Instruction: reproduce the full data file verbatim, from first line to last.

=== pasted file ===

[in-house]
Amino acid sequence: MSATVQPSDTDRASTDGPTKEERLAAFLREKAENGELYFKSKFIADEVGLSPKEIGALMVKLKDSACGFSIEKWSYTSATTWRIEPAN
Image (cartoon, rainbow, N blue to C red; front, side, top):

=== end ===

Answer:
[in-house]
Amino acid sequence: MSATVQPSDTDRASTDGPTKEERLAAFLREKAENGELYFKSKFIADEVGLSPKEIGALMVKLKDSACGFSIEKWSYTSATTWRIEPAN
Image (cartoon, rainbow, N blue to C red; front, side, top):